Using Jenkins for Disparate Feedback on GitHub
|This is a guest post by Ben Patterson, Engineering Manager at edX.|
Picking a pear from a basket is straightforward when you can hold it in your hand, feel its weight, perhaps give a gentle squeeze, observe its color and look more closely at any bruises. If the only information we had was a photograph from one angle, we’d have to do some educated guessing.
As developers, we don’t get a photograph; we get a green checkmark or a red x. We use that to decide whether or not we need to switch gears and go back to a pull request we submitted recently. At edX, we take advantage of some Jenkins features that could give us more granularity on GitHub pull requests, and make that decision less of a guessing game.
For example, if I made adjustments to my branch and know more requirements are coming, then I may not be as worried about passing the linter; however, if my unit tests have failed, I likely have a problem I need to address regardless of when the new requirements arrive. Timing is important as well. Splitting out the contexts means we can run tests in parallel and report results faster.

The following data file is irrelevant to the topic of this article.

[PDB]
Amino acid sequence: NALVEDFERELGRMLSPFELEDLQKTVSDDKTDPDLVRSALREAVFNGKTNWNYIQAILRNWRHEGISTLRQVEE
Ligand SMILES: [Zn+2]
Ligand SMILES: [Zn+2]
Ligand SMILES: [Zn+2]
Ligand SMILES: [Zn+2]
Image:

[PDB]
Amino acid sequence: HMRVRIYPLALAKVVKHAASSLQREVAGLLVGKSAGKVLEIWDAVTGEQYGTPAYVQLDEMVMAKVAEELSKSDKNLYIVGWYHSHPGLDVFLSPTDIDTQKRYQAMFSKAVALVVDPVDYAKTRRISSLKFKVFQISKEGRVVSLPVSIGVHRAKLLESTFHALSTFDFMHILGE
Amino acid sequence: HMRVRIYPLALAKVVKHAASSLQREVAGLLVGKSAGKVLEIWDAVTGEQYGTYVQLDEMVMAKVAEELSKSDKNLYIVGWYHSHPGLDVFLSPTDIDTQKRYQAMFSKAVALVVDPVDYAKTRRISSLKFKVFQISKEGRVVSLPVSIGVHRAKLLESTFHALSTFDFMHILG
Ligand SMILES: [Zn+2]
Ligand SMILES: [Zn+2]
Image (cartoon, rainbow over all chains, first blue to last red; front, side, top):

Occasionally the feedback mechanism fails. It is oftentimes a flaky condition in a test or in test setup. (Solving flakiness is a different discussion I’m sidestepping. Accept the fact that the system fails for purposes of this blog entry.) Engineers are armed with the power of re-running specific contexts, also available through the PR plugin. A developer can say “jenkins run bokchoy” to re-run the acceptance tests, for example. A developer can also re-run everything with “jenkins run all”. These phrases are set through the GitHub Pull Request Builder configuration.
Splitting the contexts has also given us important data points for our Tools team to help in highlighting things like flaky tests, time to feedback and other metrics that help the org prioritize what’s important. We use this with a log aggregator (in our case, Splunk) to produce valuable reports such as this one.
I could go on! The short answer here is we have an intuitive way of divvying up our tests, not only for optimizing the overall amount of time it takes to get build results, but also to make the experience more user-friendly to developers.